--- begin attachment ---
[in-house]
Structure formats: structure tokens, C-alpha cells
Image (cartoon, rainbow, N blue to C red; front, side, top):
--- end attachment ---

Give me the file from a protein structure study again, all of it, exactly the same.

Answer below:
[in-house]
Structure formats: structure tokens, C-alpha cells
Image (cartoon, rainbow, N blue to C red; front, side, top):